Marc's alternate proposal does not disallow simultaneous PUTs to the same
window from multiple processes. So, what would be the consequences if it did? I
claim that we would then have a GET/PUT model which could be explained with a
few simple rules:
1) A "shared" window lock allows read access to that window, either locally
with a load or remotely with a GET.
2) An "exclusive" window lock allows both read and write access to that
window, either locally with a load/store or remotely with a get/put.
3) Attempts to access a window without first obtaining the appropriate lock
And that's it! A few observations:
1) We no longer need to distinguish between global epochs and local epochs;
once you have the lock, you can do whatever you want to the window and the
semantics are well-defined.
2) We no longer need to overload MPI_Barrier() with additional coherency
3) Rolf points out that adding a lock to a window may block other processes.
However, it is already erroneous for multiple processes to PUT to overlapping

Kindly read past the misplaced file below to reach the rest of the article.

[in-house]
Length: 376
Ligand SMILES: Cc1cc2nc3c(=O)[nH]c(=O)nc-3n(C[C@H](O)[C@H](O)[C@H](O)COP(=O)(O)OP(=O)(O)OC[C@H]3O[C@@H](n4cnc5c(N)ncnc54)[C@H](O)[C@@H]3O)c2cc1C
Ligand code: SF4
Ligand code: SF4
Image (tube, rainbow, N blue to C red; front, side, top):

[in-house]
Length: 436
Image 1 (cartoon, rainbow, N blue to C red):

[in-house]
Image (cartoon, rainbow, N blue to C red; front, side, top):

regions within a window. So if two processes wish to modify overlapping
regions, they will need some sort of mutual exclusion anyway. And if the
regions do not overlap, then the application can create a larger number of
4) High-quality implementations can now detect erroneous GET/PUT calls by
checking internally to ensure that the proper locks have been obtained.
I believe that this model does a very nice job of providing a useful,
easy-to-understand abstraction which can be implemented both efficiently and
simply. I therefore propose that we add these stricter lock semantics to Marc's
-- Eric Salo Silicon Graphics Inc. "Do you know what the (415)933-2998 2011 N. Shoreline Blvd, 8U-808 last Xon said, just firstname.lastname@example.org Mountain View, CA 94043-1389 before he died?"